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Please use this identifier to cite or link to this item: https://dspace.lboro.ac.uk/2134/13396

Title: Innovation in cleaner production through waste recycling in composites
Authors: Osmani, Mohamed
Keywords: Cement composites
Composite materials
Concrete composites
Glass reinforced plastic waste
Landfill diversion
Recycling
Rubber composites
Waste recovery
Issue Date: 2012
Publisher: © Emerald Group Publishing Limited
Citation: OSMANI, M., 2012. Innovation in cleaner production through waste recycling in composites. Management of Environmental Quality: An International Journal, 24 (1), pp. 6 - 15
Abstract: Purpose: At present Glass Reinforced Plastic (GRP) waste recycling is very limited due to its intrinsic thermoset composite nature and non-availability of viable recovery options. The purpose of this paper is to assess the recycling potential of GRP waste powder and fibre in concrete, cement and rubber composites. Design/methodology/approach: Extensive laboratory experiments were conducted to examine the suitability of GRP waste in concrete, cement, and rubber composites. GRP waste samples were processed and suitable tests were performed to measure the mechanical properties of the resulting three composites. Findings: The findings of this experimental investigation confirmed that GRP waste can be used as a partial replacement for virgin and raw materials in composites. Furthermore, the addition of GRP waste powder and fibre to composites has the potential to improve their mechanical properties. Research limitations/implications: Results show that the use of GRP waste powder in concrete and rubber composites and GRP waste fibre in architectural cladding panels has technical, economic and environmental benefits. As such, the findings of this research pave the way for viable technological options for substituting quality raw materials by GRP waste in pan-industry composites and improving their mechanical properties. However, resulting recycled composites depend upon the consistency and quality of GRP waste powder and fibre, and the access to specialised composite material manufacturing facilities. Furthermore, full compliance tests including durability studies and requirements, which may depend upon specific applications, are recommended. Practical implications: The adopted methodological approach of this research and subsequent experimental results pave the way for viable technological options for substituting quality raw materials by GRP waste in pan-industry composites. It is anticipated that the results of this research would help diverting GRP waste from landfill to more useful industrial applications. Originality/value: Growing technological innovations, ample market value and demand for GRP composites all over the world has trigged interest in optimising GRP waste recovery. However, few solutions for GRP waste recycling into value-added industrial products are being explored. The work reported so far is very limited and did not show viable applications for GRP waste composites. Hence, this research sets out to examine the suitability of GRP waste powder and fibre in concrete, cement, and rubber composites. © Emerald Group Publishing Limited.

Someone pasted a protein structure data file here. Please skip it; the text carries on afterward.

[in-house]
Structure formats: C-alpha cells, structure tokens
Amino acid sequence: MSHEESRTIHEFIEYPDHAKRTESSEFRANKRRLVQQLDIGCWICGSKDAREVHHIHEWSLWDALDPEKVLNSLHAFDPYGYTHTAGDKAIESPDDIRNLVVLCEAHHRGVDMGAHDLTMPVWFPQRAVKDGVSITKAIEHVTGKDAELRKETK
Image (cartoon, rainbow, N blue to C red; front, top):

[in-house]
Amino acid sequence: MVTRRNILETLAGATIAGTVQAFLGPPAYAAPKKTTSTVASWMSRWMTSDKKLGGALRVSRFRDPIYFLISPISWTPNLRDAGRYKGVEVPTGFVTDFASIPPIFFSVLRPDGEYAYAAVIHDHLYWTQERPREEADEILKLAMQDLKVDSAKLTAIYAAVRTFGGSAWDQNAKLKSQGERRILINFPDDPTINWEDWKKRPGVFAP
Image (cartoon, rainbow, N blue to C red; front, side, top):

Description: This article was published in the serial Management of Environmental Quality: An International Journal [© Emerald Group Publishing Limited]. The definitive version is available at: http://dx.doi.org/10.1108/14777831311291104
Version: Accepted for publication
DOI: 10.1108/14777831311291104
URI: https://dspace.lboro.ac.uk/2134/13396
Publisher Link: http://dx.doi.org/10.1108/14777831311291104
ISSN: 1477-7835
Appears in Collections:Published Articles (Civil and Building Engineering)

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